It began in 1947. Gustav received a proposal from Ramnäs Bruk in Västmanland. They wanted a delivery of frames for sinks, to be shown at an exhibit. Rune and Göran asked to put together a quotation. ‘Yes, you take care of that, boys,’ said Gustav. The bid was accepted and the two of them began making frames until the early mornings. Someone walking past the workshop noticed the light was on. He knocked on the door and wondered whether they could mend a garden chair for him. And so the idea of making garden furniture was born.
The following year, they took over the business for 6 000 kronor. It was registered under the name of Svensson & Jonsson. Gustav had named all the children Jonsson, since John was his first name, and he thought Johansson too common.
There is a black-and-white picture of Rune and Göran. They are standing by the door of the joinery; Göran is wearing blue dungarees, a belt and a beret. They are young, smiling and in the midst of life. There is peace in the world, and spring farming is underway. Grållen has come to Sweden. The little grey Massey Ferguson tractor substitutes the horse and is now ploughing the fields around Kvänum. The country is being modernised and optimism budding; now is the time for creating the welfare state, once visualised by Swedish PM Per Albin Hansson as ‘the good home’. And it needs decorating.
The young men by the door to the joinery agreed to focus on kitchens and storage. They were going to do it by rational production; their dream was a factory. The two of them were interested in new technique, and had already installed a sawdust extractor, which had improved the working environment substantially.
Gustav had suffered from the dust himself. That was the reason he quit. But he never actually left. Every day he would come in with his hammer, morning, noon and night until the mid-1970s. His grandson Anders, Runes youngest boy, remembers one time when Gustav was raking leaves in the backyard. As always, wearing a felt hat and smoking a pipe. It began to rain. Gustav just turned the pipe over, put his collar up and continued raking.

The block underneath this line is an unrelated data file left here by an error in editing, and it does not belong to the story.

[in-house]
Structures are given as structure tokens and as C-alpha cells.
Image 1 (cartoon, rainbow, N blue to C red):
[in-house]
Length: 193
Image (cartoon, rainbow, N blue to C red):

The new factory, 1950s
Occasionally, he would handle personnel matters. When Sweden played West Germany in the 1958 World Cup semi-final in Gothenburg, the whole workforce went to watch the game. They could all fit into one car, two in the front and three in the back. Well on their way, Göran asked, ‘Do you have the tickets?’ Rune checked his pockets, but could not find them. They phoned Gustav from a telephone booth in Vårgårda. Gustav was away at a party, but somehow they managed to get hold of him. Gustav lent the car to Stina, who set off at express speed with the tickets to Gothenburg. Otherwise, Rune, Göran and the others would have missed Hamrin’s classic goal. The total for the whole event – including the journey, tickets, and coffee afterwards – came to 120 kronor.
Svensson & Jonsson’s manufacturing was mixed. The first veneered interiors were ordered by the local education authority in Gothenburg. The customer was very particular and carried out an inspection. A smaller delegacy arrived one day, when the interiors were being coated in the shade of the blossoming apple trees. The education authority had no objections to the arrangement.
In 1953, Svensson & Jonsson expanded. The new factory was built on the land bought from a neighbouring farmer. An aerial photo from that time shows the small brick building, surrounded by fields and meadows with heaps of hay. Today, the building is a small corner of the factory and houses today's planing mills. Gustav’s workshop was 105 square metres.
The sink frames for Ramnäs had whetted their appetite. Rune and Göran’s first kitchen was fitted in Rune and his wife Stina’s home. The first, big order came from a building contractor in Partille, outside Gothenburg; eight kitchens in a house that still stands. An even larger order was placed, and so the wheels were in motion. The factory grew, organically. Every six, seven years, an extension was built, often in materials typical for the period, like annual rings.
From the 1960s onwards, kitchens have dominated the production. In 1964, Kvänum was awarded ‘Kitchen of the Year’. The following year, this led to a collaboration with a timber yard called Stockholms Brädgård AB. The company had its own kitchen brand, Canadaköket, named after the neighbourhood Canada, north of Kyrkviken on Lidingö, where one of its branches were.
In the late 1970s, the kitchens were still sold in draughty timber yards on industrial sites. During the 1980s, electrical appliance companies began using entire kitchens to demonstrate their range of white goods. Nowadays, these are sold in discount warehouses, while Kvänum has gone upmarket. The development reflects the rise in popularity of kitchen interiors. Kitchens now equal status, and have their own show rooms in the fashionable parts of town.
There was limited export early on. In the 1970s, one kitchen was designed for SAS, Scandinavian Airlines, in Moscow, and a termite proof kitchen was sent to Sida, Swedish International Development Agency, in Iraq. The first catalogue, a simple A3 format in four-colour, came out in 1972. Svensson & Jonsson manufactured both Kvänum and Canada kitchens up until 1977, when the collaboration ceased.
The same year, Gustav passed away. A picture of the old joiner hangs in the office; he is wearing a suit and straw hat, pipe in mouth and umbrella in hand. It is summer. The family is gathered, children and grandchildren. It is Gustav’s birthday. He is sat alone on a bench, resting for a while, and suddenly it is evening.